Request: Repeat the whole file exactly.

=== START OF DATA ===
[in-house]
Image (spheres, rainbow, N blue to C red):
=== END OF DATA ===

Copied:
[in-house]
Image (spheres, rainbow, N blue to C red):